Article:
Georgia is more diverse than many Americans realize, with a scenic seacoast, mountains higher than any peaks in Britain, and large cities as well as extensive rural areas. Its historic sites focus mostly on the Antebellum and Civil War eras and the civil rights movement. (Atlanta was the home of Martin Luther King Jr.) Warm Springs was the Southern home of President Franklin D. Roosevelt, and he died there in 1945 shortly after beginning his fourth term in office. It's a must for tourists interested in the Great Depression or World War II.
Many (but not all) Georgians speak with southern accents. Non-native English speakers may have difficulty understanding them. Many native Georgians speak in the dialect of the American South. This dialect changes slightly as you cross through each region, and will be more so in rural areas.
People in the South generally speak more slowly, carefully, and politely than those from the North. In particular, English speaking visitors from larger cities or other regions will have to adjust to the different pace of speech if they visit Georgia's smaller towns. Speaking quickly and bluntly can be perceived as inconsiderate or rude, and may gather a negative response.
Urban areas such as Atlanta will have several different dialects and accents, along with other languages due to the diversity of the people that live there.
Spanish is also spoken by small portions of the population throughout Georgia.
Sunbelt Agricultural Exposition October of every year. Located in Moultrie, GA People from all over the world come to it.
As a rule, Georgia is fairly adherent to Southern standards of respect. When in doubt, referring to someone as "ma'am" or "sir" is never a bad idea. You'll especially hear these terms used by younger people to address older people, as many children in the South are raised to respond to their parents this way.
Southerners in general are also much less direct about touchy topics and criticism, especially of another person. Euphemisms are common, and if someone says "bless your heart" in response to somebody else's mishap, it might not be all that complimentary! Many Georgians will not share their political beliefs or controversial opinions with someone they don't know well, and pushing somebody to share such information is impolite. To this end, small talk is mostly expected in conversation; walking up to somebody and demanding something without greeting them is usually seen as rude. When talking to cashiers, service workers, or even acquaintances, be prepared to be asked how you're doing and to ask them in return. Bluntness or talking over somebody, unless you're very close with them, will make you appear disrespectful of the other person's time and feelings.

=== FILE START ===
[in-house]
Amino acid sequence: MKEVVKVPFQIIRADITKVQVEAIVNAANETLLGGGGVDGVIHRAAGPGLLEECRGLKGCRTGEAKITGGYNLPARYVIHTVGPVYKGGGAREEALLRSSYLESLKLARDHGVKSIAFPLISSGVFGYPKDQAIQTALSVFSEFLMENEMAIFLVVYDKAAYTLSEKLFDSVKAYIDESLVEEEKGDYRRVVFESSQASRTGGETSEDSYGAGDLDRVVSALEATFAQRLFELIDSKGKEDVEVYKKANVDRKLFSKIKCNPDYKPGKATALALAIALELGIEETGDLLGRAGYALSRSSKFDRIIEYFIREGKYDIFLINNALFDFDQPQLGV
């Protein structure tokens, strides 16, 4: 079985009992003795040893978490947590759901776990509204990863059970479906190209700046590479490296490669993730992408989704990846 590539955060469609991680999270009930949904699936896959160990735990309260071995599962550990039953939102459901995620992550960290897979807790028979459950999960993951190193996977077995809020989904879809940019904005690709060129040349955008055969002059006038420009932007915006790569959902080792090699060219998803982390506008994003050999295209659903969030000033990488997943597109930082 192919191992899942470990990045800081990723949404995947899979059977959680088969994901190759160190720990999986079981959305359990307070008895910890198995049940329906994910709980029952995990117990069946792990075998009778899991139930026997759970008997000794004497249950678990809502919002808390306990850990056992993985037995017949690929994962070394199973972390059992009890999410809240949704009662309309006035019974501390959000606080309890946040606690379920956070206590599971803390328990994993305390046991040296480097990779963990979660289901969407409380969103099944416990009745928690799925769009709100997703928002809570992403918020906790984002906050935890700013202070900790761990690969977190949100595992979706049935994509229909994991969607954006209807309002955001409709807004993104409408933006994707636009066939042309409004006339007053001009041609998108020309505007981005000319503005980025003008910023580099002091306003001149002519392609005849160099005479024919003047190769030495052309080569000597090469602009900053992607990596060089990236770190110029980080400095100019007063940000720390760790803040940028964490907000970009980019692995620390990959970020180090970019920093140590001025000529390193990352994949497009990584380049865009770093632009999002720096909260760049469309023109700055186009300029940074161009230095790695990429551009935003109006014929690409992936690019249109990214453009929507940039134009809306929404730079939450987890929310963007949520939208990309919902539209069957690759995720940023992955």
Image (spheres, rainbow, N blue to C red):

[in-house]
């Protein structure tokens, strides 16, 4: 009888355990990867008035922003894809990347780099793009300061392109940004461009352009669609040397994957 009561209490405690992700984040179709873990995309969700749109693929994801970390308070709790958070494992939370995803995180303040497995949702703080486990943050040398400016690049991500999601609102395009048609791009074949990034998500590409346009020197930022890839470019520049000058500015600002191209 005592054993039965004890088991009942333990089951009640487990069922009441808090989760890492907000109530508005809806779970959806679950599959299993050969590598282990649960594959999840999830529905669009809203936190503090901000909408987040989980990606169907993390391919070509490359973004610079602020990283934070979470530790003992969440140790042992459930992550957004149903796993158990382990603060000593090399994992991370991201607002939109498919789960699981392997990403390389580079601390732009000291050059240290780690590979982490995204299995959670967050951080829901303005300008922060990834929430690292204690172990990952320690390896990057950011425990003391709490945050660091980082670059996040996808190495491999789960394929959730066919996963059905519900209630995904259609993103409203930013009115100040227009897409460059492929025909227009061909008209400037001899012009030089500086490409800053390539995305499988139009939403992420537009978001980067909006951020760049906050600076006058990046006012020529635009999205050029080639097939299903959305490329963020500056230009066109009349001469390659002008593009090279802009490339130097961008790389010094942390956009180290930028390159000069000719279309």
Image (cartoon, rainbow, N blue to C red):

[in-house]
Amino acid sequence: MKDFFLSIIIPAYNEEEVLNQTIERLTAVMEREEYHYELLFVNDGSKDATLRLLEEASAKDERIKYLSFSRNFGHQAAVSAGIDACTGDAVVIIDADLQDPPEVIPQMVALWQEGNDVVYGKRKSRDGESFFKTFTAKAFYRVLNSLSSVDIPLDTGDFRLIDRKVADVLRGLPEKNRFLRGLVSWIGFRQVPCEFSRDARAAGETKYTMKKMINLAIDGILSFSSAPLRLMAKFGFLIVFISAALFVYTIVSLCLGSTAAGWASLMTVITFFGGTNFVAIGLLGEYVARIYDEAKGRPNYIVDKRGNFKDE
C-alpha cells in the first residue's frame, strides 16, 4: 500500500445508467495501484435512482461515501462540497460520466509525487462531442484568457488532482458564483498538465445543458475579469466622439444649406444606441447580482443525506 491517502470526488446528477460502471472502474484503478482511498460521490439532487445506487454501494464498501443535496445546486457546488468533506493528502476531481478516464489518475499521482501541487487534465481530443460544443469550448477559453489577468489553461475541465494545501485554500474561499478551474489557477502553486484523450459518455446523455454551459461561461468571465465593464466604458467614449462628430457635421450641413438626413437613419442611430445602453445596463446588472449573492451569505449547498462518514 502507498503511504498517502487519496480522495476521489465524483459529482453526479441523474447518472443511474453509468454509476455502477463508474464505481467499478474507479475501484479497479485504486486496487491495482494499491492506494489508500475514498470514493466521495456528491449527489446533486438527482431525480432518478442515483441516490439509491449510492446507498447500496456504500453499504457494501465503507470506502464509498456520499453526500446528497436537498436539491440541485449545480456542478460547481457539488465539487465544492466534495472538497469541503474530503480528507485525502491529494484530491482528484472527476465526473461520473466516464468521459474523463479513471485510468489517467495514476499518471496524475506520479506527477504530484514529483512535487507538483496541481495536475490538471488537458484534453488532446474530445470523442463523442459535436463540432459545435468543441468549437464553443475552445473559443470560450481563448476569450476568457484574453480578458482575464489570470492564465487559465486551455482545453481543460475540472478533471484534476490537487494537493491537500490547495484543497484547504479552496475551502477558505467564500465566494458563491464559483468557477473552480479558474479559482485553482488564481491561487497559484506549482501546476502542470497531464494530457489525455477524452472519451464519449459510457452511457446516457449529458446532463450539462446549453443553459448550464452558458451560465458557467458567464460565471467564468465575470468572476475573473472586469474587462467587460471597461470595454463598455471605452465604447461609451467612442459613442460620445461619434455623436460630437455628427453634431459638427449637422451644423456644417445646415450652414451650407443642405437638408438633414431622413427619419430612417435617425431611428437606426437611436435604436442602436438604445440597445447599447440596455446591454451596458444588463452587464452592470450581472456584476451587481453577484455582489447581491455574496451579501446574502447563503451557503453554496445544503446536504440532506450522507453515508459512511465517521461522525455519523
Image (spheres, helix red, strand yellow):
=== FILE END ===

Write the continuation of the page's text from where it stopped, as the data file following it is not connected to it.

Georgia is very aware of its Confederate history and the connotations that come with it. You may see a house flying a Confederate flag outside, or see news stories about people protesting against statues of famous Confederate leaders outside public buildings. Opinions within the state vary widely. Some Georgians see the flag as a simple symbol of the state's heritage and history, and display or wear it with immense pride, while others view it as a symbol of slavery and believe that venerating the flag or the former leaders of the Confederacy is tantamount to supporting slavery and racism. There is no "right" answer as to what the flag stands for, but whatever the case, it is wise not to comment on the Confederate flag if you see one at all unless you know the personal views of the people you're with. Tactful ignorance is usually the best way to go.